Sunday, March 21, 2010

Apricot-caraway tea bread

I can't really call this Irish soda bread, or even Irish-American soda bread, since my ingredient limitations forced my creative hand (as they tend to do). This is, though, a basic soda bread - a quick bread leavened with baking soda instead of yeast. Since I ran out of raisins (and was already using golden ones at that), I supplemented with chopped, dried apricots. And since I was already going a different direction with this bread, I baked it in a buttered terrine pan (and added a bit extra sugar and buttermilk to the dough, per Joy of Cooking's direction) to yield a neat, uniform loaf with an elegant crumb. "I may as well," I figured.

I toasted the caraway to draw out the sweet, caramel-y undertones of the seeds, and the resulting aroma of this baking loaf was so powerfully evocative of my mother that I had to take a triple-take with my nose to pinpoint the reason. She never baked this bread, in my recollection, but the bread machine she gave me for Christmas when I was 19 years old came with a mix for this very bread (the standard version of it). This versatile recipe needs no such contraption, though; in fact, it begs to come out of an old-fashioned oven, cradled in mitt-clad hands.

Yankee it may be, we indeed enjoyed this lovely loaf on St. Patrick's Day, along with pressure-cooked corned beef brisket, garlicky roasted cabbage and champ (to be posted later this week). Served with tea (Constant Comment - my mother's favorite) and toasted with butter, leftovers made the pleasantest of breakfasts.

16 comments:

A Canadian Foodie said...

What a great, lovely, simple idea.I love caraway... and with apricot and tea... YUMMMM. Also, I am sure that this is not difficult to make. It goes on my list of "to do's", for sure. I am not sure of the occasion. I will find one.
Thank you,
Valerie

Peter G @ Souvlaki For The Soul said...

Dare I say another one of your amazing creations? Great flavours Heather...would never have thought to use caraway and apricots.

Núria said...

Is caraway the same as cumin? I can imagine the powerful esences coming from your kitchen. Mmmm, delicious recipe :D

Foodycat said...

Caraway - ick. I think it is the only spice I really cannot get along with. But without it, I think this bread would be perfect!

Marc @ NoRecipes said...

I can almost imagine the texture based on your description. I'm with you on making do with the ingredients you have. It's the basis of most of the stuff on my blog.

Manggy said...

O hai! I can't quite remember when the last baking project you had was. I think it involved bananas... And meringue... :P Anyway, the St. Patrick's Day dinner you described (with this lovely bread of course, though I haven't the foggiest what caraway tastes or smells like) sounds freaking fantastic. Wish I was there!
(really really. You keep inviting me and one day it may happen! :P )

Bellini Valli said...

I could never turn down a slice of this soda bread Heather. The caraway seeds remind me of my German neighbours and the loaves they would share with us.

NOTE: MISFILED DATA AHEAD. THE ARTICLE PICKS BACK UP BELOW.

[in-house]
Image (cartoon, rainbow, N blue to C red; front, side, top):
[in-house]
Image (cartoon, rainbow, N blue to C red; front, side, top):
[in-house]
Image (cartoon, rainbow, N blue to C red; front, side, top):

matt said...

great, great bread. Apricot and caraway? sounds fantastic.

glamah16 said...

First I want that terrine pan. Love that you are baking. You are a natural!

aforkfulofspaghetti said...

Oh, hallllOOOOO!

Great combo of flavours, Heather. Apricots are, IMHO, rather underused in this kind of thing. Great to see them getting the main billing here.

The Spiteful Chef said...

Caraway and I have never seen eye to eye, but I do love apricots, and I also love the shape of the terrine pan instead of a regulation loafer.

The Short (dis)Order Cook said...

Great improvisation. Definitely an entirely new creation. I get tired of the same old soda bread myself, so this would be a great way to change it up.

Lo said...

Caraway and apricot... now that's a brilliant combination. My foodie wheels are definitely turning. Love the long elegant shape of the bread too. Elevates the humble soda bread a bit, no?

JennDZ - The Leftover Queen said...

This is totally rockin' Heather! I love it!!! Way to mix it up!

Heather said...

Valerie - Thank you! I will definitely be tweaking this recipe again.

Peter - Neither would I at first, but they both go well with pork and German flavors, if you think about it.

Núria - Not quite the same, though they are both in the carrot family (botanically) and are traditionally savory.

Alicia - Believe it or not, it really does work with this bread. But I bet a little cardamom would be lovely too.

Marc - That's why I like your blog so much! Plus running to the store for only one ingredient pretty much blows.

Marky! - Yes, my dessert baking nearly always ends in disaster (but for my one foolproof brownie recipe). Quickbreads are easy, thoguh.

Val - You bring the beer, I'll bring the bread. :)

Matt - Those flavors really do work! I bet they'd go nicely with pork loin and spaetzle, too.

Courtney - I love it. I still haven't used it to make a terrine, though. :P

Sketti! - I agree. I love using alternative dried fruits. I bet a prune would be nice in a quickbread.

Kristie - It's really a pleasant combination, trust me. But then, I'm a pumpernickel lover.

Rachel - It really isn't soda bread anymore, after all these tweaks. Nice starter recipe, though.

Lo - Mine too! I think I'll start baking a loaf like this once a week or so. It's nice to have baked goods around the house for breakfast.

Emily said...

Heather, the bread looks amazing. I can only imagine how delicious it was. I hardly ever use caraway, but I want to.